Mana Confluence VS City of Brass
With City of Brass, anytime it became tapped, you took one damage. However, with Mana Confluence, you only take damage when you actually tap it for mana. While this is a very minor difference, it does technically make it very slightly better. It also means that there are now functionally two Cities of Brass in existence, meaning you can essentially run 8 copies of essentially the same card in one Constructed deck.
While paying 1 life to color-fix can sound like a lot, keep in mind that City of Brass has been used for a very long time in multiple formats. It's still used in some fringe Modern decks. Also, anything that would tap down lands would force you to take 1 damage. Mana Confluence only pains you when for tapping mana. Basically, Mana Confluence is a five-color pain land. However, it doesn't have the ability to tap for colorless mana without a life cost, such as the traditional "pain lands" from Ice Age/Apocalypse/Tenth Edition.
There's another case in which Mana Confluence is strictly better than City of Brass. Urborg, Tomb of Yawgmoth, which makes all lands in play Swamps in addition to their other types, was in Standard at the same time as Mana Confluence. This is great, because Urborg gives Mana Confluence the additional ability to tap for Black mana. Because it's an additional ability, you can tap it for Black mana without paying 1 life. While this is now a corner case ruling, it's important to remember just in case.
Mana Confluence in Modern and Other Eternal Formats
After enjoying quite a bit of play in Standard, Mana Confluence really only sees play in Dredge decks in Modern. It also sees play in dome Green/White Humans decks, and the occasional Allies deck. Interestingly enough, some Ad Nauseum combo lists play City of Brass over Mana Confluence, and it's not really clear as to why. Mana Confluence also sees play in Legacy Dredge, and the occasional Vintage deck in Magic Online.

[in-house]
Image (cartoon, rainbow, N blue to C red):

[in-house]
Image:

Mana Confluence is definitely worthy of Commander play, and according to EDHERC, sees slightly more play than City of Brass. Unsurprisingly, both usually see play in the same decks. With Commander 2016's four-color commanders, Mana Confluence saw a slight rise in play. Atraxa, Praetor's Voice, Breya, Etherium Shaper, and Yidris, Maelstrom Wielder are the three Commanders who utilize Confluence the most.
Mana Confluence Price and Speculation
As a solid mana-fixer and a functionally superior version of an existing land, it's not surprising that Mana Confluence is a card with a fair amount of demand. Most of that demand comes from Commander, which is also not surprising, as it can fit in pretty much any three-color, four-color, or five-color EDH deck.
The price of Mana Confluence has fairly steadily crept up from $5 to $7 since it rotated from Standard in October of 2015. The funny thing is that it was reprinted as a Zendikar Expedition in Oath of the Gatewatch, just a few months after losing its Standard eligibility. The Expedition started out at $87.99 before falling to around $48. Both are solid pickups going forward, especially the Expedition version. Mana Confluence could be reprinted at some point. But even if it is, there's plenty of demand for it, since it fits into such a wide variety of decks.
It's actually a bit surprising that we don't see this card more in Modern than we do. But in any case, this land is superior to City of Brass, and will see play in Commander for many, many years to come.